Antineoplastic Agents, Immunological/administration & dosage , Betacoronavirus/immunology , Coronavirus Infections/epidemiology , Medical Oncology/statistics & numerical data , Neoplasms/drug therapy , Pneumonia, Viral/epidemiology , Adult , Antineoplastic Agents, Immunological/adverse effects , B7-H1 Antigen/antagonists & inhibitors , B7-H1 Antigen/immunology , Betacoronavirus/pathogenicity , COVID-19 , CTLA-4 Antigen/antagonists & inhibitors , CTLA-4 Antigen/immunology , Coronavirus Infections/immunology , Coronavirus Infections/prevention & control , Coronavirus Infections/transmission , Drug Prescriptions/statistics & numerical data , Female , Geography , Humans , Infection Control/standards , Italy/epidemiology , Male , Medical Oncology/standards , Neoplasms/immunology , Oncologists/statistics & numerical data , Pandemics/prevention & control , Pneumonia, Viral/immunology , Pneumonia, Viral/prevention & control , Pneumonia, Viral/transmission , Practice Patterns, Physicians'/standards , Practice Patterns, Physicians'/statistics & numerical data , Prevalence , Programmed Cell Death 1 Receptor/antagonists & inhibitors , Programmed Cell Death 1 Receptor/immunology , SARS-CoV-2 , Surveys and Questionnaires/statistics & numerical data , Time-to-Treatment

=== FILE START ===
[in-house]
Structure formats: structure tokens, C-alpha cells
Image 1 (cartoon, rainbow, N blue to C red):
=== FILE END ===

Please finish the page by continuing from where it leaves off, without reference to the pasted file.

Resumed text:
16.
Cancer Treat Rev ; 90: 102109, 2020 Nov.
Article in English | MEDLINE | ID: covidwho-842480

ABSTRACT